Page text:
Varied meaning of 'glas'?

Hi guys, just watching an episode of the excellent ‘Cynefin’ and seen ‘Maesglas’ translated as ‘Greenfield’. I have normally seen ‘glas’ as meaning ‘blue’ and ‘gwyrdd’ as meaning ‘green’. Sometimes in books and on tv ‘glas’ is translated as ‘blue’.
A little confusing, can anyone enlighten please?

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The problem here is that glas is a very old word, and while the more modern gwyrdd is used for green, glas can in fact be both blue and green, depending on context. The idea behind glas is not so much a colour itself, but the attribute you’d give to plants that are alive.

The opposite is llwyd, which is connected to “dead” things like rocks, so naturally you’d translate it as gray, but sometimes it’s used as brown, too. (Again, the Welsh word brown is much newer than llwyd.)

I hope I could shed some light on these old “colour”-words.


You certainly shed light for me. Thank you.


Thanks Hendrik. Very enlightening. Diolch.

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General interesting point, not all languages split the colour system the same way. They don’t divide the spectrum the same number of ways or in the same place. Germanic and Romance languages do it similarly enough you don’t notice, but once you look outside there it’s a whole new world. Yay languages!


If only Physics were the universal language. To me the colour of a cennin pedr / daffodil is about 580 nm. :laughing:


I believe it was Sir Isaac Newton who first used a prism to split the spectrum of white light (at least experimentally)?
As he was a Christian and 7 is considered a perfect number he saw and labelled the well known colours of the rainbow :rainbow:. As an (ex) Physics teacher I know that there are of course an infinite number of colours ( as illustrated by your description of the wavelength in nano metres). Some animals and birds can ‘see’ a far more detailed and wider spectrum (see the book ‘Sentient’ for a fascinating coverage :wink:).
Since the early English speaking scientists wrote the textbooks we are all stuck with just the 7… I’m glad to hear that the Welsh were more creative :wink::joy:.


They seem to have changed the naming of rainbow colours in schools. My 9 year old granddaughter recites them (from short to long wavelength) as purple, dark blue, blue, green, yellow, orange and red. Whatever happened to violet and indigo? Should we start talking about ultra-purple radiation? :grin:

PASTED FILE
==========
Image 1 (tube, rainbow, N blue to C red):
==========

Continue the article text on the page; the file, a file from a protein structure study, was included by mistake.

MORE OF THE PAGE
She (Izzy) attends a Welsh medium school, but when she recites the colours in either language, yellow is invariably melyn! :grinning:


Glas is also a word in Irish! It usually means green, but is traditionally used with less vivid greens of the natural word- perhaps the seaweed is glas, for example. The artificial, more vivid green as on the Irish and Welsh flags for example, is ‘uaine’.
But Irish glas also has that grey overlap just as Welsh! A ‘madra glas’ is not a green (or blue) dog, but a grey one, for example.

And I believe glas is used in Scottish gàdhlig as that grey-blue-green colour region, but I am not 100% sure on that.

This thread is diddorol iawn! Diolch for focusing on this vocab term!


Indeed you’re right, Gwendolyn. Glasgow / Glaschu means “green hollow”.
(I’m a Welshman who was brought up in Scotland but my knowledge of Scots Gaelic is limited to the names of mountains and highland geography.)


Interesting… I stopped teaching Physics in 1995 so I didn’t keep up with syllabi…
Indigo was always a made up colour to suit the 7 requirement as mentioned. Whatever happened to ROYGBIV - Richard of York gave battle in vain…??? A lovely if rather silly acronym. I like Welsh, it’s precise in many ways - they call a spade ‘rhaw’ (galw rhaw yn rhaw):wink:. E.e. Ty isaf Dinam neu Ty coch… As a Radio Amateur I would suggest we describe colours by their frequency… or possibly better, wavelength. We could then include ‘in the yellow range of the spectrum’… Such fun. Good luck to your granddaughter - my 2.5 year old grandson has all this to come…:slight_smile: Dal ati Izzy…:wink:
Update: My daughter, who teaches in an English primary school in Rochdale says nothing has changed there.


A couple of thousand years ago Hebrew had the same word for “yellow” and “green”. Don’t know how they distinguished between someone with jaundice and someone with seasickness.




Hooray! I can complete one of my tasks!
I want to learn Welsh because it’s is so interesting !


If Physics were the universal language I’d be illiterate as it went right over my head at school. Bizarrely though, 50+ years later, I still recall the definition of inertia which was given to us by our Physics teacher . There is no truth in the rumour that this is because I have been known to exhibit characteristics of that concept .


My inertial mass has grown so much in recent years that you wouldn’t even like colliding with me in outer space. :laughing:

My apologies. This is not only “off topic”, it’s off the planet :blush:


Diolch Hendrix very interesting